“The turnkey installations complete with tooling packages allowed us to run the new machines 24/5 within a week of them arriving on the shop floor.”
Tim Whitehouse, Managing Director, Whitehouse Machine Tools, added, “The production environment at JVM is intensive in order to maintain competitiveness and operators load and unload several machines, so need as much help as possible.
“We configured the Brothers with hydraulic automatic fixtures to avoid manual clamping and air sensing to verify that components are loaded before the cycle can start. “Each machine has doors that open automatically when the cycle is finished, as it is more evident to the operator than a light or a buzzer.
“Both of these functions are controlled by an onboard PLC in the Brother control, which can be interrogated for troubleshooting.
“The X-axis on the -O type Brother TC-S2DN is extra-large at 700 mm and we made sure that the trunnion- and-tailstock 4th axis rotary indexing units allow the full table travel.
“To enable some of the larger castings to swing horizontally on the trunnion, column risers were fitted to the machining centres at the factory in Japan to increase the distance from the spindle nose to the table surface.
“We also equipped the machines with sophisticated chip management complete with rotary drums and back flushing to maintain coolant cleanliness, which is also important for high volume production.”
Moving elements on the Brothers are light so there is low inertia, resulting in fast acceleration to 50 m/min rapids in all axes. It takes 1.6 seconds from chip to chip, due to fast, servo-driven automatic tool change from the 21-station magazine, ATC being completed without having to stop the Z-axis feed. Idle times are consequently shorter than on similar machines.
The Brother TC-S2DN-O is also quick in cut due to the 16,000 rpm spindle and cutting feeds up to 20 m/min. 70 bar through-tool coolant increases drilling and tapping productivity, especially on deeper holes, and dramatically extends tool life. All fixtures are interchangeable between machines for maximum production flexibility.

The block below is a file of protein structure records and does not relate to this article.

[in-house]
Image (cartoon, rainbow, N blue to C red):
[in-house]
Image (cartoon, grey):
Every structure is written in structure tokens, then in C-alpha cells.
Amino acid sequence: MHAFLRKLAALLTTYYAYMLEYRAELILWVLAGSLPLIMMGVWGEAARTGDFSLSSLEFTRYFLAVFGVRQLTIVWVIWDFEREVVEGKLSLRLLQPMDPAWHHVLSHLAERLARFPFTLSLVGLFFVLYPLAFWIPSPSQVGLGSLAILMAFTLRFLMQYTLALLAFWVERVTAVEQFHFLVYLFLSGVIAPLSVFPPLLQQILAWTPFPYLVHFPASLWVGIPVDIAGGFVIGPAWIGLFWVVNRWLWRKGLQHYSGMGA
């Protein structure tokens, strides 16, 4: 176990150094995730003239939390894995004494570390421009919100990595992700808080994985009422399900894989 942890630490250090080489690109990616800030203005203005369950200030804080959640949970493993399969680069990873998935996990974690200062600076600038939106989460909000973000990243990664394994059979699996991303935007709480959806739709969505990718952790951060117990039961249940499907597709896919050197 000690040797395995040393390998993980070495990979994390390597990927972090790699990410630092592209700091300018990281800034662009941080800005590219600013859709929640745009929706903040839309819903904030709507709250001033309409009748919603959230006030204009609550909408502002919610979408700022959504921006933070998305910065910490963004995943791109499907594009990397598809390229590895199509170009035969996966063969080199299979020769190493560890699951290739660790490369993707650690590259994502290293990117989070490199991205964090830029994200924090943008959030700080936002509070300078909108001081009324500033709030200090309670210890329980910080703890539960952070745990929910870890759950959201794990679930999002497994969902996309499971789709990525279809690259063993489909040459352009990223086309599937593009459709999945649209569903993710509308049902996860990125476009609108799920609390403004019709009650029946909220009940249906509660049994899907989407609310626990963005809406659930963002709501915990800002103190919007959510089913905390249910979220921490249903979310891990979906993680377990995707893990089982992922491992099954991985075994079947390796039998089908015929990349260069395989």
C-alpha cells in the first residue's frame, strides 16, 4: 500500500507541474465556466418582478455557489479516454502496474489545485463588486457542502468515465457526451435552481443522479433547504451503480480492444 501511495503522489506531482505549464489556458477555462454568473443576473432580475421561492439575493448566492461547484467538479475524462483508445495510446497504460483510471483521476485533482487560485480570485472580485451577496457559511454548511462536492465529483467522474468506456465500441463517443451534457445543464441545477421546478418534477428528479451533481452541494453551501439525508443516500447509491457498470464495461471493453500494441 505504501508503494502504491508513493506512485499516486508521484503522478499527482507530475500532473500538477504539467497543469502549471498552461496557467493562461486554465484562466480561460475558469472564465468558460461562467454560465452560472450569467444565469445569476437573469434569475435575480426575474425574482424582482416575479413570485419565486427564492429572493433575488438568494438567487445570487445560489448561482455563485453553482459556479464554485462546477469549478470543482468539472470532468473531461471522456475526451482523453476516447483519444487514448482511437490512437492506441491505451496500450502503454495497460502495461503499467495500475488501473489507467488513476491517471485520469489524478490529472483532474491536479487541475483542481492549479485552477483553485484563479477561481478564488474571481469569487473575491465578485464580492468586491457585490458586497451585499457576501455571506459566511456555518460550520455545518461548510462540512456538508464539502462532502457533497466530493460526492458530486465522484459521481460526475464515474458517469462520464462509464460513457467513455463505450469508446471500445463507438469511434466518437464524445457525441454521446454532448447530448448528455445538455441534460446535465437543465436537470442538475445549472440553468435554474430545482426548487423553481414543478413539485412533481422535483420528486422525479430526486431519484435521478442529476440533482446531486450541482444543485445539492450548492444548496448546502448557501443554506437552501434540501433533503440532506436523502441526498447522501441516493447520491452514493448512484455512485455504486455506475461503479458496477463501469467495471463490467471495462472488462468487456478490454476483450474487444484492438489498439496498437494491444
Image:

Cost-effective, 5-axis HMC
Installed in Worcester at the same time as the Brother machines was one of the country’s first Akari horizontal machining centres (HMCs), a 5-axis model HS-450i with twin pallet changer. Whitehouse was appointed sole UK agent by the Taiwanese manufacturer, Averex Automation, in 2012.
JVM needed extra capacity to machine an aluminium shock tower casting, designed to link the Jaguar chassis with its suspension, and transferred production from other HMCs on site to the Akari as component numbers grew.
The machine has been fitted with a Nikken 2-axis table to provide full 5-axis capability, operation being by closed-loop control from the Fanuc 31i NANO CNC. Hydraulic fixtures for automatic clamping have been supplied to maximise productivity, as the requirement for 350 left- and right-hand pairs per week is rising quickly to 550.
Mr Hoole said, “As ever in our industry, these parts are price-sensitive. A 5-axis machine was ideal for keeping down the number of operations and hence the unit manufacturing cost, but such machines tend to be expensive, raising overheads and lowering the profit margin.
“The Akari was less than 75 per cent of the price of the other 5-axis HMC we considered, which really made the project viable.”
Despite its competitive price, the 12-tonne HS-450i incorporates top class components such as Tsubaki ball screws, THK heavy duty roller guideways and BIG Plus 40-taper spindle with face-and-taper contact coupling. It has thermal control of ballscrew nuts, thrust bearings, Yaxis servo mounting and spindle cartridge by means of recirculating, chilled oil. Hand scraped surfaces are incorporated for mounting the ballscrew bearing blocks and roller bearing slideways.
The machine is also fast and hence ideal for high productivity applications. It has a 15,000 rpm / 22 kW direct drive spindle and one-second servo-driven tool change. 1g linear acceleration to 60 m/min cutting feed rate around the 640 x 610 x 680 mm working volume ensures minimal idle times during the cycle.